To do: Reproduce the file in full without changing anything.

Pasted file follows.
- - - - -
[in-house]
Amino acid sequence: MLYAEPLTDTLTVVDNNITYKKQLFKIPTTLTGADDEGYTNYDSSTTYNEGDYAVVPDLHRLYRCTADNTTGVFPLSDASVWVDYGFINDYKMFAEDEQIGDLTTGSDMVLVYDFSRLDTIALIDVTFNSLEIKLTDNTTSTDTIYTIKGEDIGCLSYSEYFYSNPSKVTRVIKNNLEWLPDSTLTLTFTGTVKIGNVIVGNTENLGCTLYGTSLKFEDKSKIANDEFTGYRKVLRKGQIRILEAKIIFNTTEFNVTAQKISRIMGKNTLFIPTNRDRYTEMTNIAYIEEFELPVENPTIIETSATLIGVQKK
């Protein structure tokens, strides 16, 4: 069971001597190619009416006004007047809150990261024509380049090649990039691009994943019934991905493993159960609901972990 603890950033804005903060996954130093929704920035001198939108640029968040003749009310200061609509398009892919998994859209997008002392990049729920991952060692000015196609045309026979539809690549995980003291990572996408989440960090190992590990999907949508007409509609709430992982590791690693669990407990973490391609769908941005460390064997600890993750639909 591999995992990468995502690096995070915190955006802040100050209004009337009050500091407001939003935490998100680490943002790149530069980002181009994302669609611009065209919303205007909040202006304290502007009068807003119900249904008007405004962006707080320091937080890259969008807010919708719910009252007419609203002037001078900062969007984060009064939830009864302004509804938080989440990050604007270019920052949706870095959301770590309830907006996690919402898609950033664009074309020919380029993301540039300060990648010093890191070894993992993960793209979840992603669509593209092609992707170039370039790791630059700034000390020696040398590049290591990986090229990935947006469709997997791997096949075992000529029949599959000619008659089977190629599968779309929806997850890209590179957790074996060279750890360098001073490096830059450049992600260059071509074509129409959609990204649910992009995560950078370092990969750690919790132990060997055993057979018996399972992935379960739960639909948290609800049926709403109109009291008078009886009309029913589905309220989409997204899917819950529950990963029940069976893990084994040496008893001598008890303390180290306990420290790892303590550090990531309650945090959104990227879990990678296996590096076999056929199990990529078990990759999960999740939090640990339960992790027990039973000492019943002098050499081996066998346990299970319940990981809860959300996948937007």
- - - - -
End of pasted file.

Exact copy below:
[in-house]
Amino acid sequence: MLYAEPLTDTLTVVDNNITYKKQLFKIPTTLTGADDEGYTNYDSSTTYNEGDYAVVPDLHRLYRCTADNTTGVFPLSDASVWVDYGFINDYKMFAEDEQIGDLTTGSDMVLVYDFSRLDTIALIDVTFNSLEIKLTDNTTSTDTIYTIKGEDIGCLSYSEYFYSNPSKVTRVIKNNLEWLPDSTLTLTFTGTVKIGNVIVGNTENLGCTLYGTSLKFEDKSKIANDEFTGYRKVLRKGQIRILEAKIIFNTTEFNVTAQKISRIMGKNTLFIPTNRDRYTEMTNIAYIEEFELPVENPTIIETSATLIGVQKK
């Protein structure tokens, strides 16, 4: 069971001597190619009416006004007047809150990261024509380049090649990039691009994943019934991905493993159960609901972990 603890950033804005903060996954130093929704920035001198939108640029968040003749009310200061609509398009892919998994859209997008002392990049729920991952060692000015196609045309026979539809690549995980003291990572996408989440960090190992590990999907949508007409509609709430992982590791690693669990407990973490391609769908941005460390064997600890993750639909 591999995992990468995502690096995070915190955006802040100050209004009337009050500091407001939003935490998100680490943002790149530069980002181009994302669609611009065209919303205007909040202006304290502007009068807003119900249904008007405004962006707080320091937080890259969008807010919708719910009252007419609203002037001078900062969007984060009064939830009864302004509804938080989440990050604007270019920052949706870095959301770590309830907006996690919402898609950033664009074309020919380029993301540039300060990648010093890191070894993992993960793209979840992603669509593209092609992707170039370039790791630059700034000390020696040398590049290591990986090229990935947006469709997997791997096949075992000529029949599959000619008659089977190629599968779309929806997850890209590179957790074996060279750890360098001073490096830059450049992600260059071509074509129409959609990204649910992009995560950078370092990969750690919790132990060997055993057979018996399972992935379960739960639909948290609800049926709403109109009291008078009886009309029913589905309220989409997204899917819950529950990963029940069976893990084994040496008893001598008890303390180290306990420290790892303590550090990531309650945090959104990227879990990678296996590096076999056929199990990529078990990759999960999740939090640990339960992790027990039973000492019943002098050499081996066998346990299970319940990981809860959300996948937007």